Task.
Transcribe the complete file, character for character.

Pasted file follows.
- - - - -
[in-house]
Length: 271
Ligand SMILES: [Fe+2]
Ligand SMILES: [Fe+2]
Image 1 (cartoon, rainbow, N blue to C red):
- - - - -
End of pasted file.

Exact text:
[in-house]
Length: 271
Ligand SMILES: [Fe+2]
Ligand SMILES: [Fe+2]
Image 1 (cartoon, rainbow, N blue to C red):